In 894 Anarawd was able to repel a raid by a Danish host on North Wales, and the following year raided Ceredigion and Ystrad Tywi in southern Wales. He is reported as having some English troops under his command for these raids. In 902 an attack on Ynys Môn (Anglesey) by some of the Danes of Dublin under Ingimund was repulsed. Anarawd died in 916 and was succeeded by his son Idwal Foel (Idwal the Bald).

Anarawd would establish the princely house of Aberffraw, taking the name from his principal seat of government on Ynys Môn. His descendants would rule Gwynedd until the Edwardian conquest of the late 13th century.


Historical Event: The Holy Roman emperor Otto I, called Otto the Great, was the most powerful western European ruler after Charlemagne. He organized a strong German state and expanded his authority over Burgundy and Italy.

He extended the frontiers of the German kingdom, winning territory from the Slavs in the east, forcing the Bohemians to pay tribute (950), and gaining influence in Denmark and Burgundy. In 951 Otto became king of the Lombards and married the queen of Italy. He quelled a rebellion by his son in 955 and defeated the Magyars in the Battle of Lechfeld. Crowned emperor by Pope John XII in 962, he deposed John in 963 and replaced him with Leo VIII. He returned to Italy (966 – 72) to subdue Rome, and he betrothed his son, Otto II, to a Byzantine princess (972). He also extended his authority over the church and promoted missionary activity in lands he had conquered. By his death, Otto had created the most powerful state in western Europe and laid the foundation for the later Holy Roman


Anarawd ap Rhodri

From Wikipedia, the free encyclopedia

Anarawd ap Rhodri (died 916) was a King of Gwynedd, also called King of the Britons by the Annals of Wales.

Anarawd's father Rhodri the Great had eventually become ruler of most of Wales, but on his death in 878 his kingdom was shared out between his sons, with Anarawd inheriting the throne of Gwynedd. Anarawd and his brothers Cadell and Merfyn are recorded as cooperating closely against the rulers of the remaining lesser kingdoms of Wales. Earl Aethelred of Mercia invaded Gwynedd in 881, but Anarawd was able to defeat him with much slaughter in a battle at the mouth of the River Conwy, hailed in the annals as "God's vengeance for Rhodri", Rhodri having been killed in battle against the Mercians.

Anarawd then made an alliance with the Danish king of York in an attempt to guard himself against further Mercian attacks. When this alliance proved unsatisfactory, he came to an agreement with Alfred the Great of Wessex, visiting Alfred at his court. In exchange for Alfred's protection Anarawd recognised the supremacy of Alfred. This was the first time a ruler of Gwynedd had accepted the supremacy of an English king, and formed the basis for the homage which was demanded by the English crown from then on.

In 894 Anarawd was able to repel a raid by a Danish host on North Wales, and the following year raided Ceredigion and Ystrad Tywi in southern Wales. He is reported as having some English troops under his command for these raids. In 902 an attack on Ynys Môn (Anglesey) by some of the Danes of Dublin under Ingimund was repulsed. Anarawd died in 916 and was succeeded by his son Idwal Foel (Idwal the Bald).

Anarawd would establish the princely house of Aberffraw, taking the name from his principal seat of government on Ynys Môn. His descendants would rule Gwynedd until the Edwardian conquest of the late 13th century.

References

John Edward Lloyd (1911). A history of Wales: from the earliest times to the Edwardian conquest. Longmans, Green & Co..


Anarawd ap Rhodri (died 916) was a King of Gwynedd, also called King of the Britons by the Annals of Wales.

Anarawd's father Rhodri the Great had eventually become ruler of most of Wales, but on his death in 878 his kingdom was shared out between his sons, with Anarawd inheriting the throne of Gwynedd. Anarawd and his brothers Cadell and Merfyn are recorded as cooperating closely against the rulers of the remaining lesser kingdoms of Wales. Earl Aethelred of Mercia invaded Gwynedd in 881, but Anarawd was able to defeat him with much slaughter in a battle at the mouth of the River Conwy, hailed in the annals as "God's vengeance for Rhodri", Rhodri having been killed in battle against the Mercians.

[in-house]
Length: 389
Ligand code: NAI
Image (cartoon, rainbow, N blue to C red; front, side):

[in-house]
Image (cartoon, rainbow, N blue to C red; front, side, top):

Anarawd then made an alliance with the Danish king of York in an attempt to guard himself against further Mercian attacks. When this alliance proved unsatisfactory, he came to an agreement with Alfred the Great of Wessex, visiting Alfred at his court. In exchange for Alfred's protection Anarawd recognised the supremacy of Alfred. This was the first time a ruler of Gwynedd had accepted the supremacy of an English king, and formed the basis for the homage which was demanded by the English crown from then on.

In 894 Anarawd was able to repel a raid by a Danish host on North Wales, and the following year raided Ceredigion and Ystrad Tywi in southern Wales. He is reported as having some English troops under his command for these raids. In 902 an attack on Ynys Môn (Anglesey) by some of the Danes of Dublin under Ingimund was repulsed. Anarawd died in 916 and was succeeded by his son Idwal Foel (Idwal the Bald).

Anarawd would establish the princely house of Aberffraw, taking the name from his principal seat of government on Ynys Môn. His descendants would rule Gwynedd until the Edwardian conquest of the late 13th century.


Anarawd ap Rhodri

From Wikipedia, the free encyclopedia

Anarawd ap Rhodri (died 916) was a King of Gwynedd, also referred to as "King of the Britons" by the Annals of Wales.

Anarawd's father Rhodri the Great had eventually become ruler of most of Wales, but on his death in 878 his kingdom was shared out between his sons, with Anarawd inheriting the throne of Gwynedd. Anarawd and his brothers Cadell and Merfyn are recorded as cooperating closely against the rulers of the remaining lesser kingdoms of Wales. Earl Aethelred of Mercia invaded Gwynedd in 881, but Anarawd was able to defeat him with much slaughter in a battle at the mouth of the River Conwy, hailed in the annals as "God's vengeance for Rhodri", Rhodri having been killed in battle against the Mercians.

Anarawd then made an alliance with the Danish king of York in an attempt to guard himself against further Mercian attacks. When this alliance proved unsatisfactory, he came to an agreement with Alfred the Great of Wessex, visiting Alfred at his court. In exchange for Alfred's protection Anarawd recognised the supremacy of Alfred. This was the first time a ruler of Gwynedd had accepted the supremacy of an English king, and formed the basis for the homage which was demanded by the English crown from then on.